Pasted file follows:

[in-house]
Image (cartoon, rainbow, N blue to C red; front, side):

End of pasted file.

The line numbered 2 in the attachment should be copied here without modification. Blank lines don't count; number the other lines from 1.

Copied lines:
Image (cartoon, rainbow, N blue to C red; front, side):